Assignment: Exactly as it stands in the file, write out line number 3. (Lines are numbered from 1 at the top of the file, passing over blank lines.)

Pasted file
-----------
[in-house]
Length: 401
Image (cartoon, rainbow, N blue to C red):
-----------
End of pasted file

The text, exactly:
Image (cartoon, rainbow, N blue to C red):